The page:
" The Tyger" Ana Melching
Will god make both soft and scared creatures? If perhaps he really does
what right does he possess? Both of these questions the teacher asks the class are
asked by William Blake in his composition " The Tyger. " The composition takes
the reader on a journey of faith, questioning our god and his characteristics. The poem
wraps up a pattern of asking the inventor of the tyger, discussing just how it
could have been made, and then results to wondering the originator again.
Both concerns about the tyger's founder are kept unanswered. William Blake
uses beat, rhyme, and poetic products to create a exceptional effect and
seite an seite his idea in his function " The Tyger. "
William Blake's choice of beat is important to his composition
" The Tyger" because it parallels the theme of the poem, that the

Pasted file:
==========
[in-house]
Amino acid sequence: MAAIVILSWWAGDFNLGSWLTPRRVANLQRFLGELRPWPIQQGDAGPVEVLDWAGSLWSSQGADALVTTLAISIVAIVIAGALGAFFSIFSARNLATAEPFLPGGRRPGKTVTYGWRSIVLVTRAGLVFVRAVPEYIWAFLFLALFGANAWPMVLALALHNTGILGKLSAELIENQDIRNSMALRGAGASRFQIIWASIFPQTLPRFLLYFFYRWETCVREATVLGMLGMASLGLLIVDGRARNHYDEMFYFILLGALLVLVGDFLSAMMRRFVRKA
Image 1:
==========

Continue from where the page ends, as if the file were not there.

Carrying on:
tyger may have been made by god or another harsher creator. The majority of
from the poem can be written in trochaic tetrameter as can be observed in line
three, once Blake says, " What immortal hand or attention. " This rhythm is usually
incredibly harsh appearing, exemplifying the very nature in the tyger.
Some of the lines in the composition were written in iambic tetrameter,
such as with ten, the moment Blake says, " Could twist the sinews of thy center?. "
Iambic tetrameter includes a much softer sounding beat
than does trochaic tetrameter. This implies the gentle mother nature of
god, and if he created such a beast. The last word of each
quatrain is usually written within a spondee. It will help to create a unique symmetry
and to parallel the " fearful symmetry" of a tyger.
William Blake's utilization of rhyme significantly affects his work " The
Tyger. " The entire poem is crafted in couplets. Couplets contain